I think you did, just to say that you know that most of the vaccines received so far are through the COVAX facility in most developing countries. And the thing is that pharmaceutical companies and developed nations are trying to hide behind the COVAX facility to give small donations instead of removing the TRIPS so that developing countries can manufacture at scale. The second thing about COVAX, you know, last year, there was a commitment that was developing country through COVAX will also start vaccinating at the same time as developed nations. That never happened to date. COVAX has only, I think, met one in five doses of what it had committed to deliver by May 2021. So those are the challenges so rich countries, hiding behind the COVAX facility and pharmaceutical companies hiding behind the COVAX facility to give the little to the nations, which we do appreciate, but much more needs to happen.
Maaza Seyoum 24:59
Thank you, Joab, for that. And Busi, I see that Tian has been sharing links in the chat as we’re talking. And I know that Tian also has some additional information that he can add about COVAX. So I think since we have already gone over time. Ideally, I was hoping that that intro on the People’s Vaccine Alliance would only be about 20 minutes. So Tian, I would like to now hand over to you to give a brief intro on what the African Alliance is and your work with the African Union and Africa, CDC, and how that relates to the broader picture of vaccine access around the continent.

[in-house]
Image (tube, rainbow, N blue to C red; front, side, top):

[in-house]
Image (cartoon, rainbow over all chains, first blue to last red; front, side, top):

Tian Johnson 25:43
Absolutely, thanks so much, Maaza. And just again, on behalf of the Alliance, thank you so much to everyone for taking time out of your schedules to join us on this Friday. I’m sure throughout this pandemic, we’ve been zoomed out, but I just can’t resist the temptation to add about COVAX. Our historical position has been from the outset; you know, we’ve seen governments who continually deflect their responsibilities by referring to COVAX in the early days of the pandemic. The constant refrain was when they were asked where are the vaccines? We were told, oh, COVAX, COVAX. And, of course, COVAX is spectacularly overwhelmed. It’s unable to meet its targets and grossly underfunded. There’s virtually no transparency. It is an unelected, unaccountable body. We cannot hold COVAX to account for anything that they do. They’ve tied governments in knots in terms of the regulations and conditions in terms of vaccines. In terms of how these vaccines are procured. In the early days, they requested, for example, in South Africa, a lot of our national regulations as far as procurement goes, to be sidestepped and totally done away with. So while COVAX is an absolutely critical and essential component of how we get vaccines to the community from the factory into arms, we really have to be aware that COVAX, in our view, at least does not represent equitable access. COVAX is not set up to result in equitable access. That responsibility has to remain at the core of our governments. We also can’t be relying on the Netherlands for charity to get leftover stocks of vaccines. While that would be great, especially at this moment, in a country like South Africa, where we have not even started our vaccine rollout. We have to constantly reinforce the message that we need to break the silos of confidentiality, these silos of non-disclosure agreements, the fact that our elected officials in office can turn around and tell civil society and communities they can’t comment because of a non-disclosure agreement. It’s absolutely outrageous. And I think a pure form of state capture if a pharmaceutical company is silencing publicly elected officials. So I’ll stop there. And just speak a bit about the African Alliance. And our role with the African CDC, which falls under the African Union, I will attempt to share my screen, and I’ll just go through these slides very quickly. And, of course, we can share them after the call. So can you see my slides?
Maaza Seyoum 28:33
Yes, Tian, we can.
Tian Johnson 28:35